Izabella Kaminska at the Financial Times: “Distributed ledger technologies “are starting to look an awful lot like some of the more conventional technical solutions that we have,” says Prof. Vili Lehdonvirta, an associate professor and senior research fellow at the Oxford Internet Institute, at a recent talk he gave at the Alan Turing Institute.
At the heart of the issue (as always) is who dictates and enforces the rules of the system if and when things go wrong, according to Lehdonvirta. He echoes a point we’ve long made, namely, that what really matters in these systems is how they deal with exceptions rather than norms.
The industry’s continuous shifting of nomenclature hints at the inherent challenges and revisionism at hand. As blockchains become DLTs, shared databases and permissioned consensus networks, what the techies working on these systems fail to publicly highlight is that much of the time, “advance” means returning to tried and tested paradigms, or reintroducing trusted or governance-focused nodes.
Albeit, the “back to square one” solution isn’t unique to blockchain. We see the same pattern playing out across the network/platform industry. For example, Airbnb was built on the notion that peers could organise accommodation for each other bilaterally without any dependence on a centralised manager. As time went on, however, trust issues across the platform — everything from fraud, misrepresentation, bad consumer experience, abuse, vandalism or damage — forced the once proudly employee-light company to load up on staff who could troubleshoot many of these problems. In so doing, Airbnb — much like Ebay before it — transformed itself from a tech company into an adjudicator, value custodian and rules-and-standards authority.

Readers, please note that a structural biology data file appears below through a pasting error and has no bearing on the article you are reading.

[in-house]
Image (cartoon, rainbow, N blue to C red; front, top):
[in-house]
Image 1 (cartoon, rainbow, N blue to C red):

And by and large, that’s not been an unwelcome transformation, from the consumer’s perspective. Indeed, what libertarian tech anarchists often fail to understand is that the public is not opposed to the idea of putting their trust in institutions, especially when they’re operated by real people who can be held accountable for things going wrong.
What they seemingly understand and technologists don’t is this: Trusting other parties to protect, enforce and adjudicate the rules of operation enhances division of labour and thus efficiency. I no longer have to waste hours of time trying to figure out if the counterparty I’ve dealt with on Ebay is trustworthy or not. Ebay governs the platform in such a way that I can be confident failed trades will always be compensated, and that Ebay’s own judgement about compensation entitlement will always be fair. After all, its continuing reputation as an efficient exchange platform depends on it.
But back to blockchian.
As Lehdonvirta observes, the vision of blockchain is of a system which can enforce contracts, prevent double spending, and cap the money supply pool without ceding power to anyone:
No rent-seeking, no abuses of power, no politics — blockchain technologies can be used to create “math-based money” and “unstoppable” contracts that are enforced with the impartiality of a machine instead of the imperfect and capricious human bureaucracy of a state or a bank. This is why so many people are so excited about blockchain: its supposed ability change economic organization in a way that transforms dominant relationships of power.
The problem which blockchain claims to have solved, in other words, is a rule-enforcement one, not a technological one….(More)”.